It might seem harmless racing to catch the last bit of orange but "orange-dashers" threaten our society and risk lives.
We know it all too well - the demon of the orange robot and putting foot in the hope that we won't
have to spend two more life depleting minutes stranded at a red robot. So, we speed up when we see orange so we can make it to our destination 4 minutes and 14 seconds earlier, and we laugh at those fools who get left behind.
In recent times, so called orange-dashing has become an extreme sport. In Johannesburg orange dashers even dare venture as far into
the first microseconds of red so that green for the other side now no longer means go. It means
"proceed with caution - there are still two cars racing through and you will just have to wait".
It may be speculated that the sport of orange dashing was invented by taxis, but our new favourite hobby is no longer limited to our crowd-carrying friends: Everyone and anyone pushes the orange frontier and it is especially vicious in our
major cities. I am always struck by how negligent South African drivers can be and how dangerous our orange-dashing exploits have become.
But, it's all innocent stuff really, is it not? What harm can come of orange-dashing? This is Africa after all, T.I.A, so what does it matter on a continent where laws cannot be properly enforced anyway and fines can be buried away for the next road block's problem?
In Midrand recently, after slowing down for an orange robot and preparing myself for red, a bakkie overtook (on the left Mfowethu!) and brought orange-dashing to the next extraordinary level. At least one second into red, he skipped the robot entirely as green goers on the other side cautiously edged forward and waited for him to get his robot-skipping rush like a law-breaking junkie.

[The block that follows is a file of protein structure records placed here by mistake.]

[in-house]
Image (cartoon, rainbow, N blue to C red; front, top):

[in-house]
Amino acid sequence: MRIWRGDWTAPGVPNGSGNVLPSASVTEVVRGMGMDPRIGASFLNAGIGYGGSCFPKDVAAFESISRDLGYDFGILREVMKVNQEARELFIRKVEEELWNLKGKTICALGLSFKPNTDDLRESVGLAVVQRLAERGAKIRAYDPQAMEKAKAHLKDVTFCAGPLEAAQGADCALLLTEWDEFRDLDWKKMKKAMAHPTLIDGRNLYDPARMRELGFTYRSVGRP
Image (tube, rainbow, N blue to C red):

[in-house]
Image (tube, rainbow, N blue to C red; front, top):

There is a saying in South Africa that many people love throwing around: "Once the roads go, the country goes". To be fair, the saying was reserved for the pothole outbreak of the mid-noughties but as a saying, its true value lies in another realm all together. Once the roads go (and the appreciation of its rules and laws), the country truly does have something to worry about.
Orange dashing is the biggest threat to a functioning South Africa as it is the roads where we first and foremost, and most often, are subject to the invisible blanket of the law. The relationship between you and the state is most acutely felt on the roads and whether or not you adhere to road rules is a sign of whether or not you believe in the South Africa around you.
Dashing through an orange-cum-red is about more than saving time. It is about undermining the integrity of our society and the thinly veiled glue that still keeps us functioning from day to day in a South Africa that battles to uphold law in a corrupt-ridden and resource-depleted country.
Traffic officers might not pull you over if you orange-dash and yes, you might condemn them for not doing so. But how much better are we than them if we cannot uphold the law anyway without fear of their punishment? If we accuse them of not being able to do their job, how good are we at doing our job - the every day job of being a responsible citizen and stopping at an orange robot?
Remember, the invisible blanket of the law is ours to uphold as much as it is the police's to enforce, and on our dangerous roads, wouldn't we be better citizens than the officers we ridicule if the next time we saw an orange robot we pressed our brakes instead of our accelerator?
After all. That is the law and this our country. If we chip away at the value of our law, we are undermining our South Africa and risking the lives of everyone around us.